Every state in the country, New Jersey not excepted, has legal provisions in the form of statutory law that address what might be regarded as the essentials of medical malpractice.
That is, legislators have drafted legislation that covers core areas of importance regarding damage ceilings that govern jury awards for medical negligence, the statute of limitations applicable to the filing of a claim and additional matters. In New Jersey, an experienced medical malpractice attorney can fully explain state malpractice law and provide knowledgeable and aggressive representation to any client who has been injured through a doctor’s error or other medical mistake.
Malpractice law — especially material developments relating to it — is often a fascinating topic, with relevant stories emerging with regularity across the country.
One such story that recently received media attention is from Florida. We sketch its details here for our New Jersey and other readers, believing it has broad-based relevance, especially for the spotlight it places on constitutional separation of powers and the interplay between legislators and the judiciary.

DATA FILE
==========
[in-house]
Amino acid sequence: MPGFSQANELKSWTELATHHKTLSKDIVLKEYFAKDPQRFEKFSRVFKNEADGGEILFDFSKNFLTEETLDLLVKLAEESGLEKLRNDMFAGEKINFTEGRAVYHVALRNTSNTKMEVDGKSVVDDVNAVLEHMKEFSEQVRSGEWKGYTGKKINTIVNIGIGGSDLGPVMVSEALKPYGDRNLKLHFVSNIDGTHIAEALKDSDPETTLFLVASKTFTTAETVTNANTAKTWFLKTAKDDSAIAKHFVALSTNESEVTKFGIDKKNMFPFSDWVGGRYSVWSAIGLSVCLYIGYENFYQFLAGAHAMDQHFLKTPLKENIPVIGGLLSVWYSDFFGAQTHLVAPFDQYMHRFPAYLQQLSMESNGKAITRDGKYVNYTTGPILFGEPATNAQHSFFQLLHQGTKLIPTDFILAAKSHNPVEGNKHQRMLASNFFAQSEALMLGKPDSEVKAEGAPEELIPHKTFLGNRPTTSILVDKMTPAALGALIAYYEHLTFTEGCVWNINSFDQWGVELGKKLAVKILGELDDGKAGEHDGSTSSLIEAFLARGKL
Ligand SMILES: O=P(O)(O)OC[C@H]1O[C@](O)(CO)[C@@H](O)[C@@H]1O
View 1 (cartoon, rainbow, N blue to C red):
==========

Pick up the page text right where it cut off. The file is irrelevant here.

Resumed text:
Florida lawmakers passed doctor-friendly and anti-plaintiff legislation in 2011 that sought to make it more difficult for out-of-state expert witnesses to offer testimony in Florida malpractice cases. Unsurprisingly, persons favoring an ever-closing courthouse door on injured plaintiffs strongly supported the law.
Florida Supreme Court justices apparently see holes in the legislation, with justices recently declining pursuant to a 6-1 ruling to approve the special certification process proposed for non-Florida expert witnesses. One commentator has suggested that the ruling signals justices’ discontent with what they view as a legislative attempt to usurp their control over court procedure.
In its ruling, the Court noted the potential for the law to have “a chilling effect on the ability to obtain expert witnesses.”
Source: Jacksonville Business Journal, “Justices question Florida’s medical malpractice law,” Jim Saunders, Dec. 13, 2013